Does the devil have a theology? Why would anyone pose such a question? The devil is supposed to be the antithesis of God. So, it would seem unlikely that the devil would have a “theology,” a word which stems from “theos” meaning god and “logos” (-ology) meaning word or study. Rephrasing the question in that light, does the devil have a word of or from God? It seems like an absurd idea, does it not?

As silly as the question might be, in Genesis the serpent “said to the woman, ‘Did God actually say, ‘You shall not eat of any tree in the garden’?’ 2 And the woman said to the serpent, ‘We may eat of the fruit of the trees in the garden, 3 but God said, ‘You shall not eat of the fruit of the tree that is in the midst of the garden, neither shall you touch it, lest you die.’ 4 But the serpent said to the woman, ‘You will not surely die. 5 For God knows that when you eat of it your eyes will be opened, and you will be like God, knowing good and evil’” (Genesis. 3:1-5).

Similarly, Matthew depicts how the devil tempted Jesus in the desert using biblical passages:

“5 Then the devil took him to the holy city and set him on the pinnacle of the temple 6 and said to him, ‘If you are the Son of God, throw yourself down, for it is written, ‘He will command his angels concerning you,’ [Psalm 91:11] and ‘On their hands they will bear you up, lest you strike your foot against a stone’” [Psalm 91:12] (Matthew 4:5-6).

These two examples indicate that the devil will use scripture to tempt both man and the son of man. It is a clever ploy. On the one hand, believers like to describe scripture as the word of God, with some saying that it is inerrant or infallible or both. So, if the devil quotes the Bible, is he using God’s word, and is what he says inerrant or infallible or both? Plainly, this is not the case. Misusing or misinterpreting God’s word is certainly demonic. So, what does it mean when human beings do the same? It means that sinful human beings misuse or abuse God’s word to suit their own sinful purposes, just like the devil. So, if theologian after theologian throughout history has mixed his or her own teachings with God’s word for their own sinful purposes, wittingly or not, should one not thus conclude not only that the devil is a theologian but the father of all theologians? If that is the case, would this not also mean that all theologians are of the devil?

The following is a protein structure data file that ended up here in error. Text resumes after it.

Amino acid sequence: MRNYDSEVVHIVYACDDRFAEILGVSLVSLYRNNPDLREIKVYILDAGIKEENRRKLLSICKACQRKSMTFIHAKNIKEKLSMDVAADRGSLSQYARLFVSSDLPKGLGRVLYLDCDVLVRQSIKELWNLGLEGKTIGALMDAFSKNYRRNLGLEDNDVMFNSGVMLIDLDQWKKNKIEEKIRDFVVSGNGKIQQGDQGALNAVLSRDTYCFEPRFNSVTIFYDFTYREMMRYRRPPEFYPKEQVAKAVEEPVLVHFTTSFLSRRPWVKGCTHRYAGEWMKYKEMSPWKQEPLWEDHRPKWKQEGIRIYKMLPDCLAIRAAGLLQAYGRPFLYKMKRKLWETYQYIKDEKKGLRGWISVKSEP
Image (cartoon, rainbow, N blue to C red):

Luther writes, “From these and many similar sayings it has been clearly and convincingly enough proven that God has strictly and sharply forbidden the doctrines and works of men in the church, as being contrary to faith and leading men away from the truth, that is, they are sheer lies and fraud before God. And where the devil has gotten involved—that one embellishes them with God’s name or the apostles’ names, and sells them under these names—then they are no longer simple lies and fraud, but also horrible blasphemy, idolatry, and abomination. For then the devil makes God a liar and deceiver, as though God had spoken such lies or done such works; and the people fall for it, believe it, and depend on it, as if God had said and done it, and thus they give their trust and honor, which is due to God alone, to lies and to the devil” (LW 41:302-303).